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The exclusive island where people keep giving away homes for free — even though the typical house costs $3.6 million

Dan Latu   

The exclusive island where people keep giving away homes for free — even though the typical house costs $3.6 million
  • Nantucket is an island off Massachusetts that is a popular vacation spot for the wealthy.
  • Each year, several homes are offered for free — but buyers must move them to new locations first.

The crescent-shaped island of Nantucket, located 30 miles off the coast of Cape Cod, has long been home to idyllic summer getaways for the rich and famous.

Nantucket's median sales price is $3.6 million, according to, though many homes cost much more.

In 2021, Blackstone CEO Stephen Schwarzman was the rumored buyer of a $32.5 million waterfront estate, according to the Nantucket Current, a local paper. Barstool Sports cofounder Dave Portnoy set a Massachusetts record when he paid $42 million for a six-bedroom home on the island in 2023, multiple outlets, including the Wall Street Journal, reported.

But in stark contrast to the eight-figure homes is another common Nantucket practice: giving away homes for free.

Or technically free. Free, but with some caveats. The big one: you have to move them — and pay sometimes hefty sums to do so.

It plays out like this: Many wealthy summer residents buy Nantucket properties intending to construct dream homes, which means whatever structure is standing on the land is effectively a tear-down, said Anne Kuszpa, executive director of Housing Nantucket, a nonprofit that creates affordable housing for the island's year-round community.

"Sometimes when someone buys a property, the land is worth a lot more than the dwelling that's on it," she told Business Insider.

Due to Nantucket's "demolition delay" rule, any home with "reuse potential" must be advertised in the town paper for 30 days. It's not required to be offered for "free," but doing so has become commonplace practice because most owners would rather not pay for the cost of removal, says Kuszpa.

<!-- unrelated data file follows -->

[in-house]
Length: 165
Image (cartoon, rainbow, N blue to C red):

Real-estate attorney Steven Cohen is representing a "free" home in the Miacomet neighborhood, known for its public golf course and freshwater pond, with a tax-assessed value of nearly $800,000. He has already received 25 emails from interested parties, he said. (Mansion Global first reported the listing.)

The "buyer" must pay to move the home, which usually involves lifting it off its current foundation and putting it on a trailer, which is driven slowly to another spot on the island. A 2,500-square-foot home can cost at least $100,000 to move, Cohen said. The bigger the house, the higher the price to move it.

It is much cheaper, however, to move a "free" house onto a property than to construct an entirely new dwelling. Cohen said it costs around $800 a square foot to build a home on Nantucket, making that same 2,500-square-foot home cost about $2 million to build from scratch.

"When you live on an island, your resources are scarce," Cohen told Business Insider. "You reuse them."

House moves are so common in Nantucket they hold up traffic